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Dutch-Indonesian Spekkoek

Dutch-Indonesian Spekkoek

Dutch-Indonesian Spekkoek

A delicious, rich, spiced cake that is beautiful as well.
by Ena Scheerstra

Dutch-Indonesian Spekkoek

Spekkoek (also called spekuk, spiku or lapis legit) is a Dutch-Indonesian layered cake, consisting of cream coloured plain/vanilla layers and brown spiced layers. You can also find spekkoek in which the cream coloured layer is flavoured, for example with pandan, coffee, rum, or chocolate. The origin is not completely known, it may have been based on Dutch recipes made with Indonesian products, but could also be inspired on another European layer cake, Baumkuchen. It is a very rich and dense cake, containing lots of eggs, butter and sugar. That is why this cake is usually served in small slices, in the Netherlands often as a dessert (with coffee) after a rijsttafel. Sometimes slices of spekkoek are served with whipped cream.

Making spekkoek is quite labour intensive and costs time, which also makes it costly. A good spekkoek consists of at least 18 layers and the cake is build layer for layer, baking each one in the oven before another layer of batter is spread on top. This is a job in which patience is very important, if you hurry the layers will blend together, ruining the typical spekkoek look. Spekkoek literally means bacon cake, this is because the stripes of the cake resemble bacon.

See Also
Zesty Lemon Drizzle Loaf

Of course it is easy to buy a spekkoek, but I love to be able to prepare classics like this myself. Unfortunately, I have to gather some more patience before I bake another spekkoek…. mine had the looks of a zebra cake, but it was still very delicous!

Zebra Spekkoek
My spekkoek, zebra in looks but still very delicious.

For more information on the Dutch East Indies and the relation between the Netherlands and Indonesia, check my post about nasi goreng.

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Dutch-Indonesian Spekkoek


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5 from 1 review

  • Author: Ena Scheerstra
  • Total Time: 1 hour
  • Yield: 20 1x


Rich and spicy cake with a beautiful striped look.


  • 650 g butter, room temperature
  • 18 egg yolks
  • 9 egg whites
  • 600 g sugar
  • 2 bags of vanilla sugar (or 2 tsp vanilla extract)
  • 300 g flour
  • 6 tsp cardamom powder
  • 5 tsp cinnamon powder
  • 2 tsp mace powder
  • 2 tsp nutmeg powder
  • butter and flour for the form
  • butter for brushing


  1. Cream the butter until light and fluffy.
  2. Whisk the egg yolks and whites together with the sugar and vanilla sugar.
  3. Add the flour, fold through gently.
  4. Add the creamed butter, mix.
  5. Divide the batter over two bowls. Add the spices to one, mix.
  6. Preheat the oven to 150C.
  7. Prepare a spring form with butter and flour.
  8. Spoon 1/2 cup of the unspiced batter into the form and let it spread.
  9. Bake 10 minutes in the preheated oven.
  10. Spoon 1/2 cup of the spiced batter on top of the first layer and let it spread.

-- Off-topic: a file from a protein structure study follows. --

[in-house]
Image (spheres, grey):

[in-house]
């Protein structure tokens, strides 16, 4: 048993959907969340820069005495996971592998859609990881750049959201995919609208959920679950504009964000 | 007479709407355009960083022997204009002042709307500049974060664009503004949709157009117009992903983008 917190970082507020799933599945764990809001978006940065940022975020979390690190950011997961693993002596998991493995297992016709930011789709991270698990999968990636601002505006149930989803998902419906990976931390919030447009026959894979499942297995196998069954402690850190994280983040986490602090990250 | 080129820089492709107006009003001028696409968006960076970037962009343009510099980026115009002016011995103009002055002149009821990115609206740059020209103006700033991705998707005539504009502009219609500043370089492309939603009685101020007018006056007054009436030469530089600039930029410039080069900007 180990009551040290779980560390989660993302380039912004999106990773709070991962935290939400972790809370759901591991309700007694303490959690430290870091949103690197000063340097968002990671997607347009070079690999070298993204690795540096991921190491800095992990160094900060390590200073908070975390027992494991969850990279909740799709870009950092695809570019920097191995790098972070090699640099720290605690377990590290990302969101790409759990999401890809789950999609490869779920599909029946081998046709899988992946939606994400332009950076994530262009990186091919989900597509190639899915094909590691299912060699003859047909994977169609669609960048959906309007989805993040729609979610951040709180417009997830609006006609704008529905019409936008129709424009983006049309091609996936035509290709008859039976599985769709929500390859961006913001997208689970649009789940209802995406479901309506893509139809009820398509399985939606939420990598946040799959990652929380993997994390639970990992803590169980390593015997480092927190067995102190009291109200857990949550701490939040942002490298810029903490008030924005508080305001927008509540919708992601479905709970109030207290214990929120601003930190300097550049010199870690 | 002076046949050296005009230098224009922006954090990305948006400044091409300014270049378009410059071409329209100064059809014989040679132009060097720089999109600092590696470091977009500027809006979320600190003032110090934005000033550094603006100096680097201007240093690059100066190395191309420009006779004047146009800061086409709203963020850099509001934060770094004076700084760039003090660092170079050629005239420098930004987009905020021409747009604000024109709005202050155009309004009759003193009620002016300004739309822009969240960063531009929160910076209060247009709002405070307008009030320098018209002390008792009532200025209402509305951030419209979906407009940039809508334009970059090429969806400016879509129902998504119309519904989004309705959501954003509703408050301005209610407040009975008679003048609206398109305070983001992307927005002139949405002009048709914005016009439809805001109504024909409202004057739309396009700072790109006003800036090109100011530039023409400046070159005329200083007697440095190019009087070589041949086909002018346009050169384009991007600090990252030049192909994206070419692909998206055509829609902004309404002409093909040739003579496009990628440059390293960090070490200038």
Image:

11. Bake 10 minutes.
  12. Place after every 4 layers a piece of baking paper on top and use the round side of a spoon to rub the cake firmly. Remove the baking paper and brush the cake with a little butter.
  13. Repeat this until both the batters are finished.
  14. Leave to cool in the form. Spekkoek can be stored at least a week when wrapped securely. To serve, cut thin slices and serve with coffee, or with some whipped cream as a dessert.
  • Prep Time: 20 mins
  • Cook Time: 40 mins
  • Category: Baking
View Comments (9)
  • yummy… nailed it on my first try,i reduced the sugar mesuarement and its superb ^^ (i would like to share photie of my cake,but dont know how to ha ha) thank you for sharing this recipe ^^

  • I’m not good with changing metric weight with American wait can you send me this recipe I would appreciate it thank you

  • I use to make this cake years back. I thought you separate the egg whites from the yokes and beat it seperately. Can you reply to this.

  • Do you know of anyone that make Speckkook ? Sells it and ship it. I reside in Kentucky. I used to purchased this from an lady in Nevada,but she has retired. I would appreciate your comment. My e-mail is:
    Thank you very much.

  • We used to do about 1/8 of a cup per layer and use the broiler to “bake” with butter between every layer. This would certainly be faster! I’ll have to give it a go.

  • My father-in-law is an Indonesian immigrant and this is his favorite and my husband’s, so I have made this MANY times. This recipe is not correct. It is missing ginger and ground anise, you use about 1/4 c batter per layer, and each layer is broiled, not baked. Line the cake pan with parchment paper and grease it, and a major error is the eggs. 12 eggs, separated. Whisk the egg whites into a meringue SEPARATELY then fold into the batter without deflating the egg whites. I have also never done step 12. These corrections are based off of DH’s Oma’s recipe (my father-in-law’s mother). Spekkoek should have at least 12 layers, I usually get around 16.

    • My brother in law is Dutch Indonesian. The spices in the Spekoek depend on the region and availability of said spices. If you look at differen recipes they vary on spices and eggs used.

  • Ena, thank you so much for this recipe. My sister in law (she’s Dutch) made it for a family gathering earlier in the year and the entire party was struck dumb by how good it was. It’s definitely a show-off cake!

    I made it earlier this year and it was superb. Am now making it again. I’d be interested to see what the variations are like that @Lisa (above) suggested (although too late for this current attempt).

    Anyway, as I say, thank you so very much for posting this on your site. I am very grateful, as are all of the people who have tasted it!

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